It's not irrelevant when you realize that if your bike isn't good enough on the brakes because your chassis geometry and weight distribution doesn't allow for a heat build up fast enough to insure good grip, or at turnability or acceleration, the only way to recover it is to change this geometry and weight transfer, which is what Yamaha have done with the 2014 M1.
On top of which, last year partials demonstrated that Marquez was faster nearly everywhere bar the fastest curves, i don't think at Yamaha Racing they dare betting on his inexperience to manage tyres (as last year not before Assen) and race, or not being able to translate partial times, best race laps and poles into wins.
Point being, the limit on a bike is not that of the (rear) tyre but passed that.
I can enumerate the advantages of being able to slide a bike of this power and weight (from comments made by 500 champs AND personal experience):
First you can steer the bike in and out of a corner, and brake harder, then you can put the power down faster and earlier, therefore accelerate faster, then one other issue Yamaha had last season; tyre life-span, a tyre that slides on a patch away from its edge (you don't need as much lean angle to make the turn than with corner speed only) will last longer than when it is loaded at the edge for a longer period of time and abrasion is lower as well, Marquez won on a harder tyre than Rossi at Losail, that's one of the reason, less weight on the rear wheel.
A turn is roughly divided in to 3 section, braking area, turn-in/apex, and acceleration, the only reason 250/350 pilots favoured corner speed was the lack of power.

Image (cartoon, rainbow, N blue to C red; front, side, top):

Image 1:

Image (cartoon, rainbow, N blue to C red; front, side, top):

You learn corner speed from 125 cc and even 50 cc at the time, other than that there is no advantage to be gained over a full lap apart of very fast tracks where braking is not so important such as Assen, where Spies and Rossi won on "Lorenzo's" M1.
Using corner speed, that's only one area where to gain time instead of two, it's all about compromised but one is loosing less than the other and is a more difficult skill to master.
Progresses with the tyres are valid for everyone and the equation remains the same, Lorenzo age when Roberts was saying that his style was troublesome when the grip was low is totally irrelevant, Massimo Meregalli - Yamaha Factory Racing Team Director said EXACTLY the same for the SAME reasons after 2014 Sepang2 tests, lack of grip at the edge of the tyre, which is the 250/350 style problem, that's the relevance of Robert's comments.